“I may be old-fashioned. But I believe there is such a thing as a search for beauty – a delight in the nice things in the world. And I don’t think one should have to apologize for it.”
– Saul Leiter
Saul Leiter (1923-2013) found warmth in the rain and snow falling on New York City.
Leiter was 23 when he left his native Pittsburgh for New York. The Rabbi’s son schooled in Jewish law and history found his metier in photography. His work was spotted by Edward Steichen, who included 23 of Leiter’s photographs in Always the Young Stranger at the Museum of Modern Art in 1953 and 20 of Leiter’s colour images in the 1957 MoMA conference Experimental Photography in Color. And as far as fame goes that was largely it until many years later.
“I spent a great deal of my life being ignored,” he told the New Yorker’s Vince Aletti. “I was always very happy that way. Being ignored is a great privilege. That is how I think I learned to see what others do not see and to react to situations differently. I simply looked at the world, not really prepared for anything.” But fame did arrive.
The Saul Leiter Foundation tells us:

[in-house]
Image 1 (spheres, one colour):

In the early 1980s Leiter was faced with financial difficulties that forced the closure of his Fifth Avenue studio. For the next two decades he lived and worked virtually unknown. In 2006, with the help of the art historian Martin Harrison and Howard Greenberg Gallery, the groundbreaking monograph Saul Leiter: Early Color was published by Gerhard Steidl in Germany. What Leiter called his “little book” became an overnight sensation with worldwide distribution and firmly established the artist as an early pioneer in the history of color photography.
“There are the things that are out in the open and then there are the things that are hidden, and life has more to do, the real world has more to do with what is hidden, maybe. You think?”
– Saul Leiter in In No Great Hurry, a film by Tomas Leach
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